Children’s Hospital New Orleans and LCMC Health, in coordination with the Centers for Disease Control and Prevention (CDC) and Louisiana Office of Public Health, continue to closely monitor an outbreak of respiratory illness caused by a novel coronavirus (COVID-19) that was initially detected in Wuhan City, China in December 2019, and has now been detected in many locations internationally, including the United States and New Orleans.
This is an emerging, rapidly evolving situation, and the CDC and American Academy of Pediatrics are the best sources for timely, accurate information. Communities, schools and businesses are important places to prevent spread of infectious diseases, including this new public health threat.
Seek information from trusted sources:
With the over-abundance of information being shared in the media and on social media, it is important for families to continue to seek up to date information about the outbreak only from trusted sources — including the American Academy of Pediatrics, Centers for Disease Control and Prevention, and local and state health departments.
COVID-19 in Children:
There is no evidence that children are more susceptible to COVID-19. While information is currently limited, there is evidence that children without chronic health problems have a mild and limited course of disease. In fact, most confirmed cases of COVID-19 reported from China have occurred in adults. There is an ongoing investigation to determine more about this outbreak in children. Updates from the CDC specifically for pregnant women and children can be found here.
Everyone can do their part to help prevent the spread of infection!
Even with the first presumptive positive cases of COVID-19 reported in New Orleans, the risk of to the public continues to be low. Remaining calm and encouraging everyone to do their part to help prevent the spread of respiratory illnesses like the flu and the emerging public health threat of COVID-19 are the most important steps we can take as a community at this time.
- It’s currently flu and respiratory disease season and the CDC recommends getting a flu vaccine, taking everyday preventive actions to help stop the spread of germs, and taking flu antivirals if prescribed.
- Practicing hand hygiene is a simple yet effective way to prevent the spread of germs. Wash hands with soap and water for at least 20 seconds or use antibacterial hand sanitizer!
- Click here for a hand washing “how to” and why it’s important.
- Avoid touching your eyes, nose and mouth with unwashed hands.
- Cover your cough or sneeze with a tissue.
- Cleanse and disinfect frequently touched objects and surfaces, including your cell phone!
- Those who are ill are encouraged to stay home from work, school and other populated settings.
Virtual Visits for Kids:
If your family has traveled recently and you are concerned that your child is experiencing symptoms related to those of COVID-19, you can use Children’s Hospital’s virtual care service to get advice from our team of pediatric providers, and take our safety screening over the phone. Early/limited reports suggest that children with confirmed COVID-19 have generally presented with mild symptoms, and though severe complications have been reported, they appear to be uncommon. At this time, testing for COVID-19 is only performed when authorized by the Office of Public Health, and only after other conditions such as the flu have been ruled out and testing is believed necessary by authorities.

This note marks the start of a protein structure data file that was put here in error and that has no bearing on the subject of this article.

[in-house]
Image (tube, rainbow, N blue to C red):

Talking to children about the Coronavirus:
As conversations around coronavirus disease 2019 (COVID-19) increase, children may worry about themselves, family, and friends becoming ill with COVID-19.
Parents, family members, school staff, and other trusted adults can play an important role in helping children make sense of what they hear in a way that is honest, accurate, and minimizes anxiety or fear.
The CDC has created guidance to help adults have conversations with children about COVID-19 and ways they can avoid getting and spreading the disease. Adults should:
- Remain calm and reassuring
- Be available to talk and listen
- Avoid language that may blame others and lead to stigma
- Be mindful of what children see or here on TV or online
- Provide information that is honest and accurate
- Teach children what they can do to reduce the spread of germs
Click here for more information to help with discussions with children from the CDC.
How can I find out more?
- About Coronavirus Disease 2019 (COVID-19)
- Handwashing FAQs
- What to Do If You Are Sick With Coronavirus Disease 2019 (COVID-19)
- American Academy of Pediatrics Updates on COVID-19
- CDC Guidance for Schools that do not have COVID-19 identified in their community
- US Department of Education Resources for Schools